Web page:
CINCINNATI (FOX19) - Former Cincinnati City Council Member Tamaya Dennard, who previously pleaded guilty on a charge of wire fraud, has written the judge in charge of her sentencing asking him to see beyond her “horrible mistake."
Dennard says the letter to Judge Susan Dlott, which was submitted to the court on Oct. 15, was the hardest thing she’s written.
“The letter is the beginning of my space of restorative justice and I would love to be able to continue,” Dennard wrote.
Dennard described the path that led her to where she is now, including experiencing tough financial times as she grew up and then as an adult, when it was a challenge to find a job where she could make a living.
She says her work as a strategist led her to seek political office but that it was hard being a candidate and holding a full-time job.
“That’s part of the privilege of politics; most everyday people can’t do both. Doing both was an accomplishment in and of itself,” Dennard wrote.
Dennard says her finances suffered because she had to take out loans to help with housing expenses during the campaign and that her paychecks were being garnished to pay off student loans.
She wrote that she did try to find a temporary job after she joined city council but no one would hire her due to the demands on her time.
Dennard says she applied for several loans but her credit was in terrible shape.
“I accept full responsibility for my actions. But the story of a politician looking to turn her seat into a cash cow isn’t mine. It’s not even remotely close. I was trying to gain stability so that I could focus more on my job. I made a terrible mistake that I will pay for for the rest of my life,” Dennard wrote.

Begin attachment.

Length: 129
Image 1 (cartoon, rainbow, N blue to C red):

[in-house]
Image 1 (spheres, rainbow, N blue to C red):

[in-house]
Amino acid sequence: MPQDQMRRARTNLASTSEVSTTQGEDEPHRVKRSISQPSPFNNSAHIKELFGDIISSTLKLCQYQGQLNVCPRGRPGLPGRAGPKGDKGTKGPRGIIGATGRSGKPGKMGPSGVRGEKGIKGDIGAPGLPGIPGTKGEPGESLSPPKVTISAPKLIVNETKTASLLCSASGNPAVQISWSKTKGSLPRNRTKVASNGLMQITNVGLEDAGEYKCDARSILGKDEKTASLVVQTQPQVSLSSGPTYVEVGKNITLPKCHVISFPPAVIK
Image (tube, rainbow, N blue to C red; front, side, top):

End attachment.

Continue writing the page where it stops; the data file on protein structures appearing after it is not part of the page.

Dennard pleaded guilty in September and admitted she received $15,000 from an attorney for the Hamilton County Board of Commissioners, according to court documents.
In return, Dennard promised and provided favorable action on behalf of the attorney and his clients, the documents read.
In her letter to Judge Dlott, Dennard wrote that she understands how asking for money was wrong because she asked for and accepted something of value that her council seat gave her access to.
Dennard says she never aspired to a career in politics but she decided to run for office because “the downtrodden in Cincinnati needed a champion.”
She wrote that she tried to make the city a place where everyone had an opportunity to succeed.
“Despite personal attacks, the fights against the status quo, in hate speech and homophobic insults, I went to work for the people who were ignored,” Dennard wrote.
She says she has come to terms with how she let those people down.
Dennard says in the meantime, she is still committed to issues of racial and social justice.
She says she started a new career as a freelance journalist with an organization called The Activated People, an online newspaper committed to justice and equity.
She also wants to help grassroots and community organizations understand government processes better in order to create change.
You can read Dennard’s entire letter below:
Along with the letter, Dennard’s attorney submitted a memorandum that asks for a sentence of home incarceration followed by probation rather than jail time for her client.
Among the reasons given are Dennard’s story of setbacks and successes, the nature and circumstances of her offense and that a jail sentence is a waste of resources and is unwise due to the COVID-19 pandemic.
Dennard’s sentencing is set for Nov. 10. She could face up to 20 years in prison, a term of supervised release of not more than three years and a fine not to exceed $250,000, court documents state.